A job plan is a prospective agreement between the individual doctor and their employing organisation. It should usually take place on an annual basis with timely interim job planning meetings when and if significant within-year changes to commitments or timetabled activity have been introduced, or need to be considered. The BSG supports a more flexible and dynamic approach at times of crisis such as in response to a global pandemic (e.g. COVID-19) but all good job planning principles should still underpin the process.

Doctors are strongly advised to determine PA/timetabling issues and implications with their employer prior to commencing additional work via an interim job plan review. In many cases the process within organisations may not be as prompt or timely as one would ideally hope or expect and so retrospective job planning is required relatively frequently (this is appropriate if overall workload and other commitments have changed above and beyond what was anticipated since the last job planning meeting and an interim job planning meeting could not be arranged).

There are several ways that a doctor’s work might change between job planning meetings not least in response to a global pandemic where widespread and significant changes might be required. A doctor may choose to undertake a new activity without prior job planning or line management agreement, they may be asked to undertake a new activity and there are times when a doctor may feel they must take on an additional activity in order to maintain patient safety and high-quality care. In rare and specific situations, a consultant may be requested to “act down” for short periods, usually single shifts to cover absence of training grade doctors. This issue is beyond the scope of this document. Consultants faced with such requests should access the BMA ‘acting down’ policy and local policies which will assist with emergency clinical work arrangements.

If a Gastroenterologist chooses to take on a new role or activity without prior agreement through personal interest or because they believe it is in the wider interests of patients or the NHS then the Trust can legitimately decline to pay for this activity retrospectively – agreement should be sought at the next job-planning meeting regarding continuing with the activity in question – where possible we recommend that the Gastroenterologist requests an early job plan review. For external duties, such as work for GMC, CQC, BSG, RCP or BMA prior agreement should be obtained. The BSG strongly recommends that employers consider the important role of consultants in the wider NHS as recognized by the association of Royal Medical Colleges (10). The BSG encourages employers to recognise through appropriate PA allocation in job planning all formal roles within their Hospital or Trust (such as education roles, Clinical Lead and Governance leads) -such roles should not be remunerated through other mechanisms such as CEA awards in England or Discretionary points in Scotland.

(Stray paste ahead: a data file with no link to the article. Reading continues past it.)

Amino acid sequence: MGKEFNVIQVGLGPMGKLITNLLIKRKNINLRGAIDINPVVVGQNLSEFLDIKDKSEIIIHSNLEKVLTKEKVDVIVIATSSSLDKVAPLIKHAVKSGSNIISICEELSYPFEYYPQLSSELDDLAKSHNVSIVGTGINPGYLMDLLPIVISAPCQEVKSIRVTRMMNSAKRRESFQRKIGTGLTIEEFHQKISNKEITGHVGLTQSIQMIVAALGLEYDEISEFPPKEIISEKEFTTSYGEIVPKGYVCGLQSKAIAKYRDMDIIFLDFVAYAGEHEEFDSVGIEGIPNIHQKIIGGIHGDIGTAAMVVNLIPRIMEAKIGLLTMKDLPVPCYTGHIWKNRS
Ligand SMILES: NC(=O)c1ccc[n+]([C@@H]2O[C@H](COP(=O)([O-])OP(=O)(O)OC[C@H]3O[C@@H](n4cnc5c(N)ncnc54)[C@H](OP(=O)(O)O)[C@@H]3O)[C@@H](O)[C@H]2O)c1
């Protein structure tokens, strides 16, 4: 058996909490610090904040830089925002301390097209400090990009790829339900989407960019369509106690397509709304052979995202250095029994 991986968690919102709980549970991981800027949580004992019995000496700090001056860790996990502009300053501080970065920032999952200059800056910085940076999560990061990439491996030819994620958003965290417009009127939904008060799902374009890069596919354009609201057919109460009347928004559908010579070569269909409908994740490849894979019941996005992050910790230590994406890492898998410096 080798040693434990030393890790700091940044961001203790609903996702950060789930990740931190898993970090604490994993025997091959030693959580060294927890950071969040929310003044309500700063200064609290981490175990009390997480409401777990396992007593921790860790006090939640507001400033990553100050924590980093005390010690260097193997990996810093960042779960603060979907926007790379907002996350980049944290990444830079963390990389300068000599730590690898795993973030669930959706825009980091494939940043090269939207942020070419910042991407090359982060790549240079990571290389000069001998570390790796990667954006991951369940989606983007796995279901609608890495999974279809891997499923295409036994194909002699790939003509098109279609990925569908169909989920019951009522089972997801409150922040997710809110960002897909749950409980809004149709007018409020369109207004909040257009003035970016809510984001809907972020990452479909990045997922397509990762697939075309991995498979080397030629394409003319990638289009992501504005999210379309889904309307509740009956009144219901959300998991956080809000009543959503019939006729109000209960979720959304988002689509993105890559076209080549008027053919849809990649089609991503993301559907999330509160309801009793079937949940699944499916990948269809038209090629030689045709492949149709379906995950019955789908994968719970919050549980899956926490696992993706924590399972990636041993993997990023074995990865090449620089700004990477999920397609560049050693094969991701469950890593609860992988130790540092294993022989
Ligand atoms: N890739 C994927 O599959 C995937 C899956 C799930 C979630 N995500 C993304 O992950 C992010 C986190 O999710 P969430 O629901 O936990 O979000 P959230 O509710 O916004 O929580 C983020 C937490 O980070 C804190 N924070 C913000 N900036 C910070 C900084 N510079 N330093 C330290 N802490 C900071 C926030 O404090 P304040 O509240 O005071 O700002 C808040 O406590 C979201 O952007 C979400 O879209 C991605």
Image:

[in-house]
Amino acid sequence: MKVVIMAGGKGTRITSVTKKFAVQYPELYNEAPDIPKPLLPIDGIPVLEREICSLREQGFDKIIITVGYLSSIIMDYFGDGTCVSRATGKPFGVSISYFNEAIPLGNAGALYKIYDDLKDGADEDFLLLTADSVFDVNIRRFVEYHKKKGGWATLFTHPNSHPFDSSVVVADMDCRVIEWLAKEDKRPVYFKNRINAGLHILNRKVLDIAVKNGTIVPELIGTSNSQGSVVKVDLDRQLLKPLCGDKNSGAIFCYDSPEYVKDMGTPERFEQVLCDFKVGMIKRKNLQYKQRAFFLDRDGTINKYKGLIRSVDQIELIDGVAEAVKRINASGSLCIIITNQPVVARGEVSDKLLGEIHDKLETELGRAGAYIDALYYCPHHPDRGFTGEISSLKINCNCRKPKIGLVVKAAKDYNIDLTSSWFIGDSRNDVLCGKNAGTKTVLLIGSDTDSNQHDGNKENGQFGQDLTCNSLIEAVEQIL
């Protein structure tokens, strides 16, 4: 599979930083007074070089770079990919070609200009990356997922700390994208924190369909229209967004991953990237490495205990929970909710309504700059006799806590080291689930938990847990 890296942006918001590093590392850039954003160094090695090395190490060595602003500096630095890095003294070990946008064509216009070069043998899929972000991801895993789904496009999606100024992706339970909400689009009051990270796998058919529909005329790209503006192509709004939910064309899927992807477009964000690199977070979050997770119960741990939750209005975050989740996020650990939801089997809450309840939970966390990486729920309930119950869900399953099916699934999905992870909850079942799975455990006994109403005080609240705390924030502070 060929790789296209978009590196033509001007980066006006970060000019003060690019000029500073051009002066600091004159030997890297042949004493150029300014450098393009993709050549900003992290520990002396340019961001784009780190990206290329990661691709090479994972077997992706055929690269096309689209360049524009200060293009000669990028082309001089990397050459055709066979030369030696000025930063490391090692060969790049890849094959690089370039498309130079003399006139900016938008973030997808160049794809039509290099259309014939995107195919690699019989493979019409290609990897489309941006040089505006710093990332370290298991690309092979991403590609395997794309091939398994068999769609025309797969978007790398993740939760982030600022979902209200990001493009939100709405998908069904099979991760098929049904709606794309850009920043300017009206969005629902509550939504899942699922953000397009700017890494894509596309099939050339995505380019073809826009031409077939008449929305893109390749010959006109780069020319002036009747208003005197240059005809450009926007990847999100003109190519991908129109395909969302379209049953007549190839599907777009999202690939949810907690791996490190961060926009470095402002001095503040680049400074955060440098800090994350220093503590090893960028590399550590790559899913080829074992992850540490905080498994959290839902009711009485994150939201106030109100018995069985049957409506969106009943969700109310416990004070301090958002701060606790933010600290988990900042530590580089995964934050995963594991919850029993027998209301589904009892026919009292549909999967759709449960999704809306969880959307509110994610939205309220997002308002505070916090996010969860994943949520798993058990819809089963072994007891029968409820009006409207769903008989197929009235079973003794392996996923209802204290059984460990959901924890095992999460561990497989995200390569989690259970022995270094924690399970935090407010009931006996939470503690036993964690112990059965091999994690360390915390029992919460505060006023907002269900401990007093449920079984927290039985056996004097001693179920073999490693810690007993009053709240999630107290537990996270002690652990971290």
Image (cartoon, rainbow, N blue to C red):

The BSG supports the establishment of Medical job plan consistency committees (see – Consultant Job Planning: A Best Practice Guide. NHS improvement revised 2017) 3. NHS Improvement recommends Trusts/Health Boards consider setting up a medical job plan consistency committee (MJPCC) with core membership including Medical Director (or their representative), human resources representative, two LNC representatives and relevant clinical directors. Their purpose is to ensure consistency and an even-handed approach across the trust, as well as compliance with the framework, the contract and all national guidance.

As has been demonstrated by the clinical response to the recent COVID-19 pandemic, clinicians of all grades have to remain constantly flexible and be prepared to change their working practice to sustain their support to patients in ever-changing circumstances. For their part, Trusts need to constantly provide support for consultants and mutually respectful job planning will remain the cornerstone of this crucial relationship.

The new consultant